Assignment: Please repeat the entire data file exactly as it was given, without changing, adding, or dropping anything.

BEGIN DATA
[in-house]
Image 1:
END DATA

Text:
[in-house]
Image 1: